AUTUMN LEAVES MAY be falling but the workload out on the course is certainly not dropping. The next couple of months will see the start of the autumn aeration work. The greens will be deep- tined to 14″ deep followed by regular deep slitting to loosen up the compaction caused by many feet and machinery in order to get as much air into the soil as possible.
The height of cut at which mowers are set will also be raised to ensure there is enough grass cover to last the winter months. As growth slows down with the shorter days the frequency of mowing is reduced. The greens have been cut every day since early May and this will now go down to three times a week, then once a week depending on the weather and how the growth is.
The greens and the tees have all been oversown together with any bare areas of fairway. Fairways and tees will continue to be cut at least once a week until growth tails off.
Autumn fertiliser will be applied to the tees and a turf hardener applied to the greens. All greens will be sprayed with a pesticide to kill off leatherjacket grubs (the grub of the crane fly). Leatherjackets are laying their eggs now and, as they favour moist areas, greens provide the perfect target for them.
The grubs live on a diet of grass roots and can be devastating. A close eye will be kept on other areas too for any sign of activity such as fungal disease appearing in damp autumn conditions.
There are roughly four miles of ditches and streams running across the two courses and now is the time to give them that last strim out to make sure that the winter rain can flow unimpeded. New winter tee mats are being installed on some holes of the West Course and, over the next few months, repairs will be made to any damaged area of tee boxes and some will have levelling work undertaken.
The irrigation system will be put to bed after another busy year for it, pumping out half a million gallons of water from the reservoir. The rainwater harvesting side of things will be serviced to make sure as the rains come in water will be pumped up to the reservoir, which now provides home for some attractive residents (see photograph above.)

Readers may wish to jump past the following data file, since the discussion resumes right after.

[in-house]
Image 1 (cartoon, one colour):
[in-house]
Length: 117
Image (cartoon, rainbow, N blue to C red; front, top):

As it is autumn, leaves will be the next major battle with daily clearing of greens and surrounds and this is also the time worms come to the surface to drag leaves into their burrows for winter food. Unfortunately they leave a deposit behind in the form of worm casts a sticky mixture of mucus and soil.
These not only smear on the putting surface but are the perfect seed bed for weed seeds. As all worm killers (vermicides) are banned, greens and tees have to be swept daily. At Ashdown a suppressant is used that will be sprayed on badly affected areas that will keep them deeper underground for a while.
It is also time for a final trim of hedges surrounding the courses and the topping of the long rough areas such as the carries. And once that is done it is time for one last clearance of weeds that have sprouted over the warm summer months.
And, with the Treasurer working hard on next year’s budgets, it is time to estimate any capital expenditure on fixtures, fittings and equipment. At the moment it is very much, all go!